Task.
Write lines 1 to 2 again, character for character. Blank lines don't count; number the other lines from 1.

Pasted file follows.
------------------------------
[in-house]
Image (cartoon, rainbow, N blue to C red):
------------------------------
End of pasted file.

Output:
[in-house]
Image (cartoon, rainbow, N blue to C red):